WASHINGTON – President Donald Trump called FBI Director James Comey weeks after he took office and asked him when federal authorities were going to put out word that Trump was not personally under investigation, according to two people briefed on the call.
Comey told the president that if he wanted to know details about the bureau’s investigations, he should not contact him directly but instead follow the proper procedures and have the White House counsel send any inquiries to the Justice Department, according to those people.
After explaining to Trump how communications with the FBI should work, Comey believed he had effectively drawn the line after a series of encounters he had with the president and other White House officials that he felt jeopardized the FBI’s independence. At the time, Comey was overseeing the investigation into links between Trump’s associates and Russia.
Those interactions included a dinner in which associates of Comey say Trump asked him to pledge his loyalty and a meeting in the Oval Office at which Trump told him he hoped Comey would shut down an investigation into Trump’s former national security adviser, Michael Flynn. Trump has denied making the request.
Comey described all of his encounters with the president and the White House in detailed memos he wrote at the time and gave to his aides. Congressional investigators have requested copies of the memos, which, according to two people who have read them, provide snapshots of a fraught relationship between a president trying to win over and influence an FBI director, and someone who had built his reputation on asserting his independence, sometimes in a dramatic way.
It is not clear whether in all their interactions Comey answered Trump’s question or if he ever told him whether he was under investigation. In the letter Trump sent to Comey last week in which he informed him that he had been fired, Trump told Comey, “I greatly appreciate you informing me, on three separate occasions, that I am not under investigation.”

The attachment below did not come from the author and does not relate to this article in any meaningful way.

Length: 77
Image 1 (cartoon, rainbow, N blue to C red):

In the modern FBI, directors have sought an arm’s length relationship with the presidents they serve and have followed Justice Department guidelines outlining how the White House should have limited contact with the FBI.
Comey has spoken privately of his concerns that the contacts from Trump and his aides were inappropriate, and how he felt compelled to resist them.
Benjamin Wittes, a friend of Comey’s and a senior fellow at the Brookings Institution, recalls a lunch he had with Comey in March at which Comey told him he had spent the first two months of Trump’s administration trying to preserve distance between the FBI and the White House and educating it on the proper way to interact with the bureau.
Wittes said that Comey told him that despite Trump’s attempts to build a personal relationship, he did not want to be friendly with the president.
Their conversation took place after Comey’s phone call with the president, Wittes said, and Comey told him that his relationship with the president and the White House staff was now in the right place.
“ ‘I think we’ve kind of got them trained,’ ” Wittes said, paraphrasing what Comey told him.